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I agree with Charles Trimble 100 percent that it’s time to stop the self-pity of our status and concentrate on our strengths and resiliency as American Indian and Alaska Natives. [See “No easy answers in Indian country,” Vol. 28, Iss. 14.]
I remember him as the president of the National Congress of American Indians and the effort he supported in getting the Indian Child Welfare Act into law. I had the privilege of providing testimony representing NCAI at the Senate hearings. As a result of many peoples’ efforts, we now have a law to help protect our children. If I recall correctly, Mr. Trimble’s tenure as president of NCAI was also instrumental in focusing on alcohol abuse among the AI/AN population and helpful in getting NIAAA to provide the first grants to American Indians and Alaska Natives.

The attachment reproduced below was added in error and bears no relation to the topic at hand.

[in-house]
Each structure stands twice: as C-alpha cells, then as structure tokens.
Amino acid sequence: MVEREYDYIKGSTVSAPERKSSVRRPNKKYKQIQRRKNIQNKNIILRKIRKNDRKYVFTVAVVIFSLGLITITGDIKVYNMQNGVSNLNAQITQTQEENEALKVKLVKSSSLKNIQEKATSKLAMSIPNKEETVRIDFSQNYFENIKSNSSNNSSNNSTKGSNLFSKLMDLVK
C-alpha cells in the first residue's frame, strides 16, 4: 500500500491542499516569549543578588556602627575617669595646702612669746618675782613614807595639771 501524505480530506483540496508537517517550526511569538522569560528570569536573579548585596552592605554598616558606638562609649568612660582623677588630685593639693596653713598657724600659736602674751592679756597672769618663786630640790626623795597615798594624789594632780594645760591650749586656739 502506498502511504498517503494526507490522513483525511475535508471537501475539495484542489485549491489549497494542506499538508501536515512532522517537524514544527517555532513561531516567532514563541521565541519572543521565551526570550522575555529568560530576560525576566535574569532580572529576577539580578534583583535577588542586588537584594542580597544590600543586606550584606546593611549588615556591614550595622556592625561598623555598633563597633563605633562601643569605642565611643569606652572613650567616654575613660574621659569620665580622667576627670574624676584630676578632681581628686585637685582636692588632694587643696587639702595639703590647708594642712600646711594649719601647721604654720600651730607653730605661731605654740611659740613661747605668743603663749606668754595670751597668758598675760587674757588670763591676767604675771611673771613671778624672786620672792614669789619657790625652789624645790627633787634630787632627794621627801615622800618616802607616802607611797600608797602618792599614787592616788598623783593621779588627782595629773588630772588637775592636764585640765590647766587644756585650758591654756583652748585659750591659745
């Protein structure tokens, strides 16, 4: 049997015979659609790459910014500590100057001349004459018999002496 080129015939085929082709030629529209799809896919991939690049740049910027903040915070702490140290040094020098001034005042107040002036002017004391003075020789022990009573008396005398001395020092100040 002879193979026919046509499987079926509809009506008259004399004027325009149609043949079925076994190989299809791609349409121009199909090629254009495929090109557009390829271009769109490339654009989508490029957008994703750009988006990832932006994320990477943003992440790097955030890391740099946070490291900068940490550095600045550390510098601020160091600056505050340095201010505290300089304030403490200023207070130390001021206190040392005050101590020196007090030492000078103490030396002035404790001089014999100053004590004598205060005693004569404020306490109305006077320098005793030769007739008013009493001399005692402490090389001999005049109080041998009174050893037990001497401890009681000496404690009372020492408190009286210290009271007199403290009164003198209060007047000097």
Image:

I use the term “historical strengths,” as opposed to “historical trauma,” to try and help us to overcome the cloud of victimhood. Current problems exist and we must address them, but we must not fail to consider the many strengths we possess and the strengths our ancestors possessed to want to maintain our traditional cultures.
I commend Mr. Trimble for taking a stand on the issue of historical trauma and I lend my support. I am the first American Indian clinical psychologist from way back when and I can cite the strengths of AI/AN people from my years of practice with that population.
– Marlene EchoHawk, Ph.D.